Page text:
ResetAA Font size: Print

United States Court of Appeals,District of Columbia Circuit.

UNITED STATES of America, Appellee v. Chester D. RANSOM, Jr., Appellant.

Nos. 12–3049, 12–3075.

    Decided: July 01, 2014

Before GARLAND, Chief Judge, ROGERS, Circuit Judge, and SENTELLE, Senior Circuit Judge.Matthew G. Kaiser, appointed by the court, argued the cause and filed the joint briefs for appellant Bryan W. Talbott. Richard Seligman, appointed by the court, argued the cause and filed the joint briefs for appellant Chester D. Ransom, Jr. Jay Apperson, Assistant U.S. Attorney, argued the cause for appellee. With him on the brief were Ronald C. Machen, Jr., U.S. Attorney, and Elizabeth Trosman and Suzanne Grealy Curt, Assistant U.S. Attorneys.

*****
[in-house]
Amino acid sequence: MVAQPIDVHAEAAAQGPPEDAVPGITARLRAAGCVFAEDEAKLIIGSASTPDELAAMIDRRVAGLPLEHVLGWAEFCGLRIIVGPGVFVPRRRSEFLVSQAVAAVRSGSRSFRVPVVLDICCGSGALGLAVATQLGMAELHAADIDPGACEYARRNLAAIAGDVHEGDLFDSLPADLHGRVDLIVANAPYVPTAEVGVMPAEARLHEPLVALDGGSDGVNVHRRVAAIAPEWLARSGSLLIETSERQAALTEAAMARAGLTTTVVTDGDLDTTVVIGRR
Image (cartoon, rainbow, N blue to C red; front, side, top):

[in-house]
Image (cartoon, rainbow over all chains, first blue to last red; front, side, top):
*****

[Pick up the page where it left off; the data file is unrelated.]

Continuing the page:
Appellants Chester Ransom and Bryan Talbott pled guilty to fraud charges in the district court in connection with the operation of their property management company. Although their plea agreements stipulated the range of prison sentences under the United States Sentencing Guidelines, the district court sentenced both Ransom and Talbott to above-Guidelines sentences. Both appellants claim that the district court committed procedural and substantive errors in entering the sentences. For the reasons set forth below, we conclude that the district court committed no error, and therefore affirm the judgment of the district court.